Plans to tear apart the Shipley constituency as part of a shake-up of political boundaries has been branded"mad and insane" by Conservative Party chief Baroness Warsi.
She said the party would appeal against some of the Boundary Commission's proposals, which cut the number of MPs at Westminster from 650 to 600 and make sure constituencies contain similar numbers of voters.
But she insisted the overall plan was right even though not everyone in the party would be"entirely content" with the changes.
Baroness Warsi said: "The proposals have come out from the Boundary Commission. The Boundary Commission is an independent organisation, and I agree with some of our MPs that some of the proposals are mad and insane.
So I think there is scope for us as a party and, of course, as individual Members of Parliament to make representations to the Boundary Commission about how they feel the more natural boundary for that association lies."
Under plans outlined last month, the district would be carved up, with some proposed constituencies proving highly controversial.
Parts of the district will be served by a Calder Valley MP and a Guiseley and Yeadon MP, while the Shipley constituency - which covers Denholme and Cullingworth - will disappear as it is currently known.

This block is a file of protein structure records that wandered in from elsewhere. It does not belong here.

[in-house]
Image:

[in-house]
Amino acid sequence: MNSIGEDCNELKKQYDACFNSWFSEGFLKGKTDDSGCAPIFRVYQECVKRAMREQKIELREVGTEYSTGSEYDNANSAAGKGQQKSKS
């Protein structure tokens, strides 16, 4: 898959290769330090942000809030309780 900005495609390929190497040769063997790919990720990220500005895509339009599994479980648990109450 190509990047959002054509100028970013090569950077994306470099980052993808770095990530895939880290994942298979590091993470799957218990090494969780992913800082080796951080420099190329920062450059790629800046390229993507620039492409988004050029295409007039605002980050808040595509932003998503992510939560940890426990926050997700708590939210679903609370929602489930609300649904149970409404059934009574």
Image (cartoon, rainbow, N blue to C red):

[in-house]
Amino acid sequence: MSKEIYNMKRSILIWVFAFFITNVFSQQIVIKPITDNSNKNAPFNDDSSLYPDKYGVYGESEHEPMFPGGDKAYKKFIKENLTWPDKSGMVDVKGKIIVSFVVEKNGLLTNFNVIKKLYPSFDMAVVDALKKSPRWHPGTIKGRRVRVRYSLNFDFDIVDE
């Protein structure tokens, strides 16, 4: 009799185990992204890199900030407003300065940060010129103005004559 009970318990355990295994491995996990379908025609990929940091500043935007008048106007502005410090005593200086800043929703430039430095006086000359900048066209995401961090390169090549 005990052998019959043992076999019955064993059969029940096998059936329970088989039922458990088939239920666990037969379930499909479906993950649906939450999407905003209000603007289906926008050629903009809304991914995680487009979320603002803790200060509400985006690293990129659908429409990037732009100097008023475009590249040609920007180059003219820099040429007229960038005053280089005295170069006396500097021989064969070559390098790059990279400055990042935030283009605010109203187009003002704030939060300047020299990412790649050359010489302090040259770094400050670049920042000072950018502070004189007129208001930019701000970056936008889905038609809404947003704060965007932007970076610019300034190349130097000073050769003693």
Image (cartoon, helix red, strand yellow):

Shipley MP Philip Davies said: "Baroness Warsi's intervention is welcome and let's hope we can persuade the Boundary Commission that people do not want these changes.
Obviously I am pleased the Conservative Party also takes the view that Shipley should remain as a parliamentary constituency and that is what I believe they are going to be arguing to the Commission. That will please many of my constituents that were concerned to be lumped in with other areas they have no affinity with."
Keighley MP Kris Hopkins said: "Like many of my colleagues across the parties and across the country, I was somewhat bemused by many of the decisions taken by the Boundary Commission which is, of course, independent from Government.
As someone who grew up in the Worth Valley and cut my political teeth there, I find it illogical for it to be lumped in with Calder Valley.
Worth Valley residents have no particular affinity with Calder Valley and certainly feel much more closely identified with Keighley. This reality has already been reinforced by a number of constituents who have come to see me to voice their strong disapproval.
I would therefore ask residents in the Worth Valley and elsewhere in Keighley and Ilkley to make their feelings known by making a submission to the formal consultation exercise."
The move has led to disaffection from many MPs and claims of gerrymandering from Labour, which fears it will be badly hit as a result of the shake-up.